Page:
Pale Blue Dot (1995)
for large orchestra
Orchestral Reading Project competition prize recipient, American Composers Forum and Plymouth Music Series Orchestra, Philip Brunelle conductor, Minneapolis, MN 1998
Pale Blue Dot was composed in 1995 in homage to Carl Sagan, astronomer, planetary scientist, cosmologist, astrophysicist, astrobiologist, author, and science communicator. It was inspired by Sagan’s reflections on the future of the human race as set forth in his book of the same title. Though Sagan did not know me personally, he responded to the work positively in a letter he wrote to me after viewing the score and hearing a MIDI realization (computer rendering) of this piece.
The work is scored for large orchestra, and it draws from contemporary classical as well as folk and rock music. It is arranged in seven movements:
V. Laughter, Fear, and Love
VI. Where Once Darkness, Light!
The music and message of Pale Blue Dot are well suited to a variety of performance contexts — which might include multi-media imagery of Earth and the cosmos projected in the concert hall. At a time when humans face the fragility of planet Earth more than ever, Pale Blue Dot is, I believe, relevant and timely.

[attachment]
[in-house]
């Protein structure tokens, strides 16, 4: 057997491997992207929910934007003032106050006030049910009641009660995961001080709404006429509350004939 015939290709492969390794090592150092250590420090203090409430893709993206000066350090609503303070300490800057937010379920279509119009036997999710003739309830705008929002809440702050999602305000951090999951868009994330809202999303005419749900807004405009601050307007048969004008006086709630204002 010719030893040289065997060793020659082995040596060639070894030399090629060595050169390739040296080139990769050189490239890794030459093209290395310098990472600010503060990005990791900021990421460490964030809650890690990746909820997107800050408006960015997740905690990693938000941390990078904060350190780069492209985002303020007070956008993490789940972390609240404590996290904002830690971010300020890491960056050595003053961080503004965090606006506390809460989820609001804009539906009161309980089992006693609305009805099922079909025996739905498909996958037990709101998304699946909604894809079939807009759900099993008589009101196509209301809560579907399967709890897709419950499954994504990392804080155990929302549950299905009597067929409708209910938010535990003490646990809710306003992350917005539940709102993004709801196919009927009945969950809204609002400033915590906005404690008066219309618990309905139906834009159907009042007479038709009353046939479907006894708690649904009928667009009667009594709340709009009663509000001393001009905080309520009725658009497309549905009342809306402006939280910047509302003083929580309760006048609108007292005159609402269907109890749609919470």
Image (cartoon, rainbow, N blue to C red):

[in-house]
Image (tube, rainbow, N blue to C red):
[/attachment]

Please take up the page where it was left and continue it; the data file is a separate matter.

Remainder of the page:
The work was selected for a first reading as part of the American Composers Forum’s Orchestral Reading Project in 1998 and played by The Plymouth Music Series Orchestra, conducted by Philip Brunelle, in Minneapolis, Minnesota. The public premiere of the work took place at Teatro Romano di Fiesole, Italy, in July 2000 as part of the ballet Earth Trilogy, choreographed by Keith Ferrone for the Florence Dance Company, and played by the Orchestra Leopoldo della Ferrovia dello Stato, conducted by Enrico Caproni.
First reading: Plymouth Music Series Orchestra, Philip Brunelle conductor, 1998
Premiere performance: Florence Dance Festival, Fiesole, Italy, 2000, rev. 2022
MIDI Realization (computer rendering)